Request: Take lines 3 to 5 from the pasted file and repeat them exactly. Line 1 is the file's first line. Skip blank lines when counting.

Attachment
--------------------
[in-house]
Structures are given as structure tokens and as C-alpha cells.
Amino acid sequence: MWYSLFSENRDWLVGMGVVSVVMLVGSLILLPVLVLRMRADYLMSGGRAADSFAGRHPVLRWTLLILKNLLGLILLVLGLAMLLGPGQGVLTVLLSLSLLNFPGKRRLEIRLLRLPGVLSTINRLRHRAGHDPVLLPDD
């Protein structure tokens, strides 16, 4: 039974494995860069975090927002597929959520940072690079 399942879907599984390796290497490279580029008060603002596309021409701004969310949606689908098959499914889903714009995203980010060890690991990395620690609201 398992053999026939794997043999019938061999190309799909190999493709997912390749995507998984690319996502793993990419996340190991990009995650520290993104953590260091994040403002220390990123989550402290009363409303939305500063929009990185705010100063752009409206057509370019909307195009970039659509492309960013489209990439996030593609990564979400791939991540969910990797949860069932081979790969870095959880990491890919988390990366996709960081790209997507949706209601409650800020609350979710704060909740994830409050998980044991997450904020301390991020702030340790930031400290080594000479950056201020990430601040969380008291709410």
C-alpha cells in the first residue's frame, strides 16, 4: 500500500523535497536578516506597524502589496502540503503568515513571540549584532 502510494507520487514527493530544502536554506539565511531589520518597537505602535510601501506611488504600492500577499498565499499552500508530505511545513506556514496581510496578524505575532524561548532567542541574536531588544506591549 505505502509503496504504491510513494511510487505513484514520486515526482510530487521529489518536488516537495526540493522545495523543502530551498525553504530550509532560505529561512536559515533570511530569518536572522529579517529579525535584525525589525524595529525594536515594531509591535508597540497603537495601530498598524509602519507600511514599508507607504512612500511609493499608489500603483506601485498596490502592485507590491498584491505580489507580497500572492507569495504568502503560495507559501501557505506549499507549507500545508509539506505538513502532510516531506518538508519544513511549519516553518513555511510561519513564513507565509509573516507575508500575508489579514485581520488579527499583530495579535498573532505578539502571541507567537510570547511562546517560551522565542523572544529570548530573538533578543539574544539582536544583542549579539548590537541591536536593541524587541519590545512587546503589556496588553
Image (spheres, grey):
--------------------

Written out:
Amino acid sequence: MWYSLFSENRDWLVGMGVVSVVMLVGSLILLPVLVLRMRADYLMSGGRAADSFAGRHPVLRWTLLILKNLLGLILLVLGLAMLLGPGQGVLTVLLSLSLLNFPGKRRLEIRLLRLPGVLSTINRLRHRAGHDPVLLPDD
């Protein structure tokens, strides 16, 4: 039974494995860069975090927002597929959520940072690079 399942879907599984390796290497490279580029008060603002596309021409701004969310949606689908098959499914889903714009995203980010060890690991990395620690609201 398992053999026939794997043999019938061999190309799909190999493709997912390749995507998984690319996502793993990419996340190991990009995650520290993104953590260091994040403002220390990123989550402290009363409303939305500063929009990185705010100063752009409206057509370019909307195009970039659509492309960013489209990439996030593609990564979400791939991540969910990797949860069932081979790969870095959880990491890919988390990366996709960081790209997507949706209601409650800020609350979710704060909740994830409050998980044991997450904020301390991020702030340790930031400290080594000479950056201020990430601040969380008291709410």
C-alpha cells in the first residue's frame, strides 16, 4: 500500500523535497536578516506597524502589496502540503503568515513571540549584532 502510494507520487514527493530544502536554506539565511531589520518597537505602535510601501506611488504600492500577499498565499499552500508530505511545513506556514496581510496578524505575532524561548532567542541574536531588544506591549 505505502509503496504504491510513494511510487505513484514520486515526482510530487521529489518536488516537495526540493522545495523543502530551498525553504530550509532560505529561512536559515533570511530569518536572522529579517529579525535584525525589525524595529525594536515594531509591535508597540497603537495601530498598524509602519507600511514599508507607504512612500511609493499608489500603483506601485498596490502592485507590491498584491505580489507580497500572492507569495504568502503560495507559501501557505506549499507549507500545508509539506505538513502532510516531506518538508519544513511549519516553518513555511510561519513564513507565509509573516507575508500575508489579514485581520488579527499583530495579535498573532505578539502571541507567537510570547511562546517560551522565542523572544529570548530573538533578543539574544539582536544583542549579539548590537541591536536593541524587541519590545512587546503589556496588553